Isaac Simmons made headlines in April when he became the first openly gay man to receive approval as a certified candidate for ordained ministry in his United Methodist (Illinois Great Rivers) annual conference. So far as anyone knows, he is also the first drag queen thus certified.
More recently, the Rev. Craig Duke, also a United Methodist, performed in drag on the HBO Special, “We’re Here.” One man is gay. The other is in a long-term heterosexual marriage. One man considers his drag queen persona – “Penny Cost” – a key part of his identity and calling. The other, it appears, sought to understand through participation, so that he could provide radical welcome to all who might come to the church he serves as pastor. Both together represent the leading edge of determined activism.
This advocacy for social change has explicit theological underpinnings. To understand how requires delving into Queer theology, a categorical term for a set of critical responses and correctives to traditional views. Queer theology is a relatively new and developing field that relies on schools of thought associated with critical theory. Queer theology “theologizes” these critical perspectives to transform and mobilize the church for the transformation of society.
First, Queer theology views reality as radically contingent, a view that has strong implications for a Christian view of human nature. We construct our sense of reality through language. We likewise construct our views of what is real and good for human nature, also through language. The problem, Queer theorists and theologians say, is that taken-for-granted terms, like “male” and “female,” and the state- or church-approved sexual relations between only male and female, have power implications that marginalize and make odious all who don’t fit the norm. Queer theology therefore repudiates any assertion that God created only male and female or that these features of creation are fixed in their expression.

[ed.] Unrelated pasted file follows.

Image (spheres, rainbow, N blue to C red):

One could fairly characterize Queer theology’s doctrine of human nature, therefore, as a radically inductive search for a person’s self-knowledge in the creation of an identity, an identity that remains fluid and changeable. The “made this way” claims of some lgbtquia+ advocates therefore smacks too much of essentialism and determinism for Queer theologians. Even homosexual monogamous marriage (ironically) serves to buttress heteronormative social relations. “Heteronormative” refers to the maintenance of social relations that privilege the status (I’m choosing words carefully) of identifiers like “male” and “female” in support of traditional views of marriage. Consequently, argue Queer theologians, the traditional but false narratives of human sexuality and gender identity must be overturned, which requires the enactment of transgressive behavior. Hence not only the legitimacy of drag queen art, to go back to our beginning example, but its moral imperative.